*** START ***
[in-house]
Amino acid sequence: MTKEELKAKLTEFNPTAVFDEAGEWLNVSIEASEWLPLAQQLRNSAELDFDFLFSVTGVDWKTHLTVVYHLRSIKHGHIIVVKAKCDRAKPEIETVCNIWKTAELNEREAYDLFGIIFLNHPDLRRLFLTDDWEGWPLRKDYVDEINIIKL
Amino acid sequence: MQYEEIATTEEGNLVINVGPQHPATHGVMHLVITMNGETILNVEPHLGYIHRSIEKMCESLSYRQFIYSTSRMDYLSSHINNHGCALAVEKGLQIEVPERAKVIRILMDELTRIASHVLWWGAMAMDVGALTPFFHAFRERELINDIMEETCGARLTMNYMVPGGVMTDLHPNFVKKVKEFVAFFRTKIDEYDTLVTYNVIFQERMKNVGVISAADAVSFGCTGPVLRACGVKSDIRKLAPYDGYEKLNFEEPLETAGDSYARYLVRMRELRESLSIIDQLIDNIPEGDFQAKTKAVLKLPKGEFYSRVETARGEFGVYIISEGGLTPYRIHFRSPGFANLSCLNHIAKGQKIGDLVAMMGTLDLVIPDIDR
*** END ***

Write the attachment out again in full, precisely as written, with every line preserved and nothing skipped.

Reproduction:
[in-house]
Amino acid sequence: MTKEELKAKLTEFNPTAVFDEAGEWLNVSIEASEWLPLAQQLRNSAELDFDFLFSVTGVDWKTHLTVVYHLRSIKHGHIIVVKAKCDRAKPEIETVCNIWKTAELNEREAYDLFGIIFLNHPDLRRLFLTDDWEGWPLRKDYVDEINIIKL
Amino acid sequence: MQYEEIATTEEGNLVINVGPQHPATHGVMHLVITMNGETILNVEPHLGYIHRSIEKMCESLSYRQFIYSTSRMDYLSSHINNHGCALAVEKGLQIEVPERAKVIRILMDELTRIASHVLWWGAMAMDVGALTPFFHAFRERELINDIMEETCGARLTMNYMVPGGVMTDLHPNFVKKVKEFVAFFRTKIDEYDTLVTYNVIFQERMKNVGVISAADAVSFGCTGPVLRACGVKSDIRKLAPYDGYEKLNFEEPLETAGDSYARYLVRMRELRESLSIIDQLIDNIPEGDFQAKTKAVLKLPKGEFYSRVETARGEFGVYIISEGGLTPYRIHFRSPGFANLSCLNHIAKGQKIGDLVAMMGTLDLVIPDIDR